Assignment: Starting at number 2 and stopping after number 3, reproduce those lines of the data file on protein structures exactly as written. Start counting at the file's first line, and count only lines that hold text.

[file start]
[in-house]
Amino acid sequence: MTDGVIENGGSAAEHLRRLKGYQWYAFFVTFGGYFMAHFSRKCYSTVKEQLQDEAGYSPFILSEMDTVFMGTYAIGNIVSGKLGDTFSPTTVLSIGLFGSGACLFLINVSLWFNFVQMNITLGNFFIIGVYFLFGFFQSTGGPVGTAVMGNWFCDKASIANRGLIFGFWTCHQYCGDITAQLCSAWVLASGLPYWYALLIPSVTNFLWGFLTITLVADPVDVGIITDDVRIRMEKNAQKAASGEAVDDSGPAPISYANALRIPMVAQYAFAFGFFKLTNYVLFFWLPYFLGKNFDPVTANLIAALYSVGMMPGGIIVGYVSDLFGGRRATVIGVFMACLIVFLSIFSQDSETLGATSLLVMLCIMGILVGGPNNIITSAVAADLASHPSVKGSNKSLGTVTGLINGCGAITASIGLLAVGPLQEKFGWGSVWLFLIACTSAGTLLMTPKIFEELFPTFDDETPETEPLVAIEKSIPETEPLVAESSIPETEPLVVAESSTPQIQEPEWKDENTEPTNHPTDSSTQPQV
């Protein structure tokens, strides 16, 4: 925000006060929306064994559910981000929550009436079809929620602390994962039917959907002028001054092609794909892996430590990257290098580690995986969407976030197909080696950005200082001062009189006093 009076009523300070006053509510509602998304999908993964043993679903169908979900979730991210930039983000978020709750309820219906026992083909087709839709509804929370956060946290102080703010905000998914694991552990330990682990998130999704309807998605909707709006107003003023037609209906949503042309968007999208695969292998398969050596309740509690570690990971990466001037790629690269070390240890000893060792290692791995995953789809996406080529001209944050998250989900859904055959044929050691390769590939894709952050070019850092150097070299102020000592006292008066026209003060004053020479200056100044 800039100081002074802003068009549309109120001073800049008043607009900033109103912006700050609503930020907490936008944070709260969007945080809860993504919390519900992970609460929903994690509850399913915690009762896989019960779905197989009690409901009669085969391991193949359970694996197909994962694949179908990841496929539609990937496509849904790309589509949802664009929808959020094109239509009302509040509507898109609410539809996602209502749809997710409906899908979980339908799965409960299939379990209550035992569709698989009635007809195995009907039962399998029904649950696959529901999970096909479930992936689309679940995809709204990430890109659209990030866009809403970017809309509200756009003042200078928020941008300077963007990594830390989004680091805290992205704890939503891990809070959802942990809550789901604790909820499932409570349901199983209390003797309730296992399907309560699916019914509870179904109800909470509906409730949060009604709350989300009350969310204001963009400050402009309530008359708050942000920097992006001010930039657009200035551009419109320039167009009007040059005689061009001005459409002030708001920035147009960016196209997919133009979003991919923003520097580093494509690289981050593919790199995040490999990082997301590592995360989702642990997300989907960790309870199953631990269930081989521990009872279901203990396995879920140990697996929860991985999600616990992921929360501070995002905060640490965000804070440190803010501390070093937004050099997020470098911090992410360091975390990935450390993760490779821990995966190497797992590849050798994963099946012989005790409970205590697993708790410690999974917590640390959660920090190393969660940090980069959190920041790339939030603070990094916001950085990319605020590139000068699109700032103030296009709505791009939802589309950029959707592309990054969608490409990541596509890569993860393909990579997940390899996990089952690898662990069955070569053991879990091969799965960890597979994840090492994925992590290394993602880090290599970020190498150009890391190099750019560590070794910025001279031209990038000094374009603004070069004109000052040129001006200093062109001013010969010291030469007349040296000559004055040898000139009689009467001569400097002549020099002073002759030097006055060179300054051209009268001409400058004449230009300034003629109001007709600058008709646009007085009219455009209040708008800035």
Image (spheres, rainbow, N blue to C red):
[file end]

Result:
Amino acid sequence: MTDGVIENGGSAAEHLRRLKGYQWYAFFVTFGGYFMAHFSRKCYSTVKEQLQDEAGYSPFILSEMDTVFMGTYAIGNIVSGKLGDTFSPTTVLSIGLFGSGACLFLINVSLWFNFVQMNITLGNFFIIGVYFLFGFFQSTGGPVGTAVMGNWFCDKASIANRGLIFGFWTCHQYCGDITAQLCSAWVLASGLPYWYALLIPSVTNFLWGFLTITLVADPVDVGIITDDVRIRMEKNAQKAASGEAVDDSGPAPISYANALRIPMVAQYAFAFGFFKLTNYVLFFWLPYFLGKNFDPVTANLIAALYSVGMMPGGIIVGYVSDLFGGRRATVIGVFMACLIVFLSIFSQDSETLGATSLLVMLCIMGILVGGPNNIITSAVAADLASHPSVKGSNKSLGTVTGLINGCGAITASIGLLAVGPLQEKFGWGSVWLFLIACTSAGTLLMTPKIFEELFPTFDDETPETEPLVAIEKSIPETEPLVAESSIPETEPLVVAESSTPQIQEPEWKDENTEPTNHPTDSSTQPQV
């Protein structure tokens, strides 16, 4: 925000006060929306064994559910981000929550009436079809929620602390994962039917959907002028001054092609794909892996430590990257290098580690995986969407976030197909080696950005200082001062009189006093 009076009523300070006053509510509602998304999908993964043993679903169908979900979730991210930039983000978020709750309820219906026992083909087709839709509804929370956060946290102080703010905000998914694991552990330990682990998130999704309807998605909707709006107003003023037609209906949503042309968007999208695969292998398969050596309740509690570690990971990466001037790629690269070390240890000893060792290692791995995953789809996406080529001209944050998250989900859904055959044929050691390769590939894709952050070019850092150097070299102020000592006292008066026209003060004053020479200056100044 800039100081002074802003068009549309109120001073800049008043607009900033109103912006700050609503930020907490936008944070709260969007945080809860993504919390519900992970609460929903994690509850399913915690009762896989019960779905197989009690409901009669085969391991193949359970694996197909994962694949179908990841496929539609990937496509849904790309589509949802664009929808959020094109239509009302509040509507898109609410539809996602209502749809997710409906899908979980339908799965409960299939379990209550035992569709698989009635007809195995009907039962399998029904649950696959529901999970096909479930992936689309679940995809709204990430890109659209990030866009809403970017809309509200756009003042200078928020941008300077963007990594830390989004680091805290992205704890939503891990809070959802942990809550789901604790909820499932409570349901199983209390003797309730296992399907309560699916019914509870179904109800909470509906409730949060009604709350989300009350969310204001963009400050402009309530008359708050942000920097992006001010930039657009200035551009419109320039167009009007040059005689061009001005459409002030708001920035147009960016196209997919133009979003991919923003520097580093494509690289981050593919790199995040490999990082997301590592995360989702642990997300989907960790309870199953631990269930081989521990009872279901203990396995879920140990697996929860991985999600616990992921929360501070995002905060640490965000804070440190803010501390070093937004050099997020470098911090992410360091975390990935450390993760490779821990995966190497797992590849050798994963099946012989005790409970205590697993708790410690999974917590640390959660920090190393969660940090980069959190920041790339939030603070990094916001950085990319605020590139000068699109700032103030296009709505791009939802589309950029959707592309990054969608490409990541596509890569993860393909990579997940390899996990089952690898662990069955070569053991879990091969799965960890597979994840090492994925992590290394993602880090290599970020190498150009890391190099750019560590070794910025001279031209990038000094374009603004070069004109000052040129001006200093062109001013010969010291030469007349040296000559004055040898000139009689009467001569400097002549020099002073002759030097006055060179300054051209009268001409400058004449230009300034003629109001007709600058008709646009007085009219455009209040708008800035």